Author: J.D. Vivian

Hear the Buzz on Bees

If you’re a beekeeper or a bee enthusiast, the University of Florida’s Institute of Food and Agricultural Services in Davie is hosting a two-day event just for you. The South Florida Bee College is set for Friday and Saturday, Aug. 12-13, at UF’s Fort Lauderdale Research and Education Center, 3205 College Ave., Davie. More than 50 lectures, workshops, and demonstrations will be held. Members of UF’s Honey Bee Research and Extension Laboratory will hold classes for beekeepers of all ages and experience levels, gardeners, naturalists, county agents, and anyone else interested in honey bees. Included in the registration fee on both days are snacks, lunch, and a banquet dinner on Friday. Ticket prices vary, so visit the following website for more information, to register, and to download a schedule:...

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Panhandle workshop set for veteran, and small, farmers

The Okaloosa Veteran & Small Farmer Workshop is set for Thursday, July 21, from 9 a.m.-2 p.m. at the Okaloosa County Extension Office in Crestview. Find out more about the help and resources available to veterans and small farmers. Admission is free, but Thursday, July 14, is the deadline for registration. The extension office is at 3098 Airport Road, Crestview, in Okaloosa County, in the Panhandle. Call 850-526-4910, or visit...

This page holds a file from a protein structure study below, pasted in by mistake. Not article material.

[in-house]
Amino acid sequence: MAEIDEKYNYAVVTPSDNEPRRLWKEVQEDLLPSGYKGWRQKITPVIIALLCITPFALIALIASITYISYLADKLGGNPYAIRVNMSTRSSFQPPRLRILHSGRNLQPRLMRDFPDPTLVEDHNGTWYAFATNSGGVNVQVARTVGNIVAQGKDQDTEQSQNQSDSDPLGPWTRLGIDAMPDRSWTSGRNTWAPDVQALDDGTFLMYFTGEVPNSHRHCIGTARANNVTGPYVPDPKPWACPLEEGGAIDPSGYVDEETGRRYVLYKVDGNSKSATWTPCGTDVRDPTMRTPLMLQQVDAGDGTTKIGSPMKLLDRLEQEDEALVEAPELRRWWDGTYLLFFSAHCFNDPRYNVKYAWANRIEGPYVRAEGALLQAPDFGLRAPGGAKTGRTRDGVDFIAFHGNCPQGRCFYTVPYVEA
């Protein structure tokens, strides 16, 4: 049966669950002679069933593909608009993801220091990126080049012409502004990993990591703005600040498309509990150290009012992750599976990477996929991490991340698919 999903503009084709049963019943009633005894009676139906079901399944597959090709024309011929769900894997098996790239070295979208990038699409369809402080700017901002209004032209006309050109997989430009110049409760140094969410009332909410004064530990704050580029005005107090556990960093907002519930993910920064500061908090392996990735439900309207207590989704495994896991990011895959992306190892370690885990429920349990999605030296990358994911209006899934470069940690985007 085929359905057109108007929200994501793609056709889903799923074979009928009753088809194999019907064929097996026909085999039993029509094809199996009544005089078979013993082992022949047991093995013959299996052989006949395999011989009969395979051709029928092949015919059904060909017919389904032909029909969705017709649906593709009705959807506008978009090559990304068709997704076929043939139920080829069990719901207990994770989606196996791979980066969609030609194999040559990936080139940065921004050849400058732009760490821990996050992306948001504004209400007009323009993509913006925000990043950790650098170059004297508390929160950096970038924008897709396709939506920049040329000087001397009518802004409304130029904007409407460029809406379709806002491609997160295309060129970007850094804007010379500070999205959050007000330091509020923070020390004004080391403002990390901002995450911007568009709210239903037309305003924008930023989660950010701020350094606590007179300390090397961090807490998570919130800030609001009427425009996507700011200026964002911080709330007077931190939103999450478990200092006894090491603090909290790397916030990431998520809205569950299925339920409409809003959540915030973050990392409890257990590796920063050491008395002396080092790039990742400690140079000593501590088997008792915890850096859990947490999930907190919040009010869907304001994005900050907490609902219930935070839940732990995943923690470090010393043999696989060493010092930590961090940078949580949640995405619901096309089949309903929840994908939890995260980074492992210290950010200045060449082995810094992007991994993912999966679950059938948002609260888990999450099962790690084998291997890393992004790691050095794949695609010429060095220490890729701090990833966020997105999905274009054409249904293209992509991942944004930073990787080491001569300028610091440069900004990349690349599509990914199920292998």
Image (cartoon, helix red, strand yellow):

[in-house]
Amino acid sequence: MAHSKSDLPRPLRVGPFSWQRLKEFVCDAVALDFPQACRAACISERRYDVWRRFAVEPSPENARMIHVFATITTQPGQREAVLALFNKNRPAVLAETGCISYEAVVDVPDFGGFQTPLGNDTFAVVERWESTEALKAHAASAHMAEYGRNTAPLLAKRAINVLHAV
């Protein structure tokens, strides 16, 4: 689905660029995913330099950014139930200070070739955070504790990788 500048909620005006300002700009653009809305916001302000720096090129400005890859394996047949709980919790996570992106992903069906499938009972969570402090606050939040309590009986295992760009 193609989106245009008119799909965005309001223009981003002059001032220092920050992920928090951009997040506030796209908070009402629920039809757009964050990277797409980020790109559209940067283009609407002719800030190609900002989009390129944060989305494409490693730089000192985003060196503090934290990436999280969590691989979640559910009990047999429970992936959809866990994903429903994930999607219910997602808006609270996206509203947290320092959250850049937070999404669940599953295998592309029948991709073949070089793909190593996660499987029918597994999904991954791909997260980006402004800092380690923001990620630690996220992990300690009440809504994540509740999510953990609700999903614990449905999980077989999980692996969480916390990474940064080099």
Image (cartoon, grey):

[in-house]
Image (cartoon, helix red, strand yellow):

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Meet the Grower: Richard Wilson of Excalibur Fruit Trees in Lake Worth

By J.D. Vivian Just a half-mile south of crowded Lake Worth Road, Richard Wilson and his wife Lynda own about 17 acres of what Florida used to look – and sound – like. “Listen,” he says, as he stops the golf cart he’s driving. “What do you hear?” He answers himself: “Nothing. It’s quiet.” The Wilsons own Excalibur Fruit Trees in western Lake Worth where the road dead-ends about a half mile north of their nursery. Traffic is a relative rarity. Except, that is, on a busy Saturday morning. Weekends find extra visitors from around the state drawn to Excalibur’s farm that’s open six days a week. Golf carts dart to and fro, ferrying customers around the property to look at the plants. This is also the Wilson’s homestead. “I like privacy,” he says. All the better to watch over the nursery. The roughly 200,000 plants he grows are worth millions, he estimates. Rareties from Borneo and beyond The burly owner prides himself on the wide selection of exotic, tropical plants, mostly edibles, that his nursery offers. “We have 2,000 varieties of native plants and cultivars.” But Wilson is proud of something else. “Excalibur grows things that others don’t. If someone wants a mango tree that size” – he points to a 25-footer nearby – “we’re probably the only one who has it.” He also has 25 varieties of...

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